Hong Kong, Jan 25 (LPC) - Leveraged finance is off to a promising start in Asia Pacific in 2019, with a handful of big-ticket private equity buyouts set to hit the loan market despite high levels of economic uncertainty.
The strong deal flow in Asia stands in contrast to the US and European markets, where concerns over growth prospects and lending standards are hobbling activity.
In Australia, three leveraged buyouts are in the works for healthcare company Healthscope, adult education provider Navitas and accounting software maker MYOB. The three LBOs could add up to debt financings of A$3bn–$4bn (US$2.13bn–$2.85bn) combined.
Other promising deals elsewhere in the region include KKR-owned Japanese auto parts maker Calsonic Kansei’s acquisition of the high-tech car parts unit of Fiat Chrysler Automobiles and Baring Private Equity Asia’s bid for Indian information technology company NIIT.
“This year the level of leveraged finance activity seems busier than 2018. A lot of PE clients raised new funds in the past few years, but last year was flattish as far as new buyouts were concerned,” said James Horsburgh, head of leveraged and acquisition finance for Asia Pacific at HSBC.
While PE-backed M&A reached a record US$101bn in Asia (including Japan) in 2018, very few of those led to leveraged financings.
The biggest disappointment was a ¥825bn (US$7.5bn) loan backing Bain Capital’s LBO of Toshiba’s chip unit in Japan. Even though that loan was the biggest LBO financing from Asia, it was not syndicated widely and was sold to only four banks.
Another missed opportunity was the rejection, last August, of a US$17.6bn bid for fast-food group Yum China Holdings. Lenders were looking to support Chinese investment firm Hillhouse Capital Group and its consortium partners with up to US$8bn of debt, including a senior loan of around US$6.5bn–$7bn and a mezzanine financing of US$1bn–$1.5bn.
The debt would have set a record in Asian leveraged finance with leverage of around 6x, and a senior portion accounting for 4.8x–5.2x.
Market participants, however, point to several factors providing ideal conditions for Asian leveraged finance dealmaking in 2019.
Lower equity valuations, due to the economic slowdown in China, its trade dispute with the US, or Britain’s impending exit from the European Union, present opportunities for M&A and LBOs and put public-to-private buyouts back on the table.
PE firms are also sitting on a record US$336bn of ‘dry powder’ – money committed but not yet invested – as of mid-December, according to data provider Preqin, having raised US$445bn in new funds for Asia since 2015.
“There have been several PE acquisition deals involving minority stakes and very little use of leverage,” said the head of leveraged finance for Asia at a US bank. “Capital has never been a constraint in Asia. It is more a question of willing sellers than willing buyers.”
Banks in Asia remain liquid and are eager to support leveraged buyouts, and the growth of institutional participation in Asian leveraged loans is adding another pool for financial sponsors to tap into.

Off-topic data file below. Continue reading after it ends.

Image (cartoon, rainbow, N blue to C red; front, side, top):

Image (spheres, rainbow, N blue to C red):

Although this could lead to looser lending standards, bankers are not overly concerned about Asia mirroring aggressively structured leveraged loans in Europe and the US.
“Asia has seen only a handful of high-quantum, aggressively structured leveraged financings in recent times, although as an Asia-wide phenomenon there has certainly been a watering down of terms such as covenants relating to debt-service coverage ratios,” said Lyndon Hsu, global head of leveraged and structured solutions at Standard Chartered.
“The DSCR covenant has now become almost redundant in Asian leveraged finance deals largely because of the near-bullet maturities with average lives stretching to longer than 4.5 years.”
HSBC’s Horsburgh also resisted comparisons with other regions.
“The Asian leveraged finance market is totally different from the US and Europe and is in good shape on the back of strong bank and non-bank institutional liquidity and credit appetite,” he said.
“Sponsors have enjoyed more flexibility on financing structures with many securing longer average lives and slightly better covenant terms.”
Collateralised loan obligation funds, which are the biggest buyers of leveraged loans in the US, are almost absent in Asia. In 2018, CLO issuance in the US reached a record US$128bn.
Abundant pools of institutional investor liquidity in the US and Europe has led to many financings with covenant-lite structures, whereas in Asia’s bank-dominated buyside, such financings find few takers.
Sponsors seeking cov-lite structures have typically tapped the term loan B market in the US, but that product is only available to a select few borrowers from the more mature Australian and Japanese markets.
Unitranche financings – a blended structure that offers sponsors greater leverage and is often cheaper than traditional LBO financings – have also yet to take off in Asia.
In the US, unitranche facilities raised US$27bn in 2018, 13% higher than 2017 levels, according to LPC data. Asia has seen only five unitranche loans totalling A$1.69bn since the product made its debut in the region nearly 18 months ago.
Reporting By Prakash Chakravarti; Additional reporting by Wakako Sato; Editing by Chris Mangham and Vincent Baby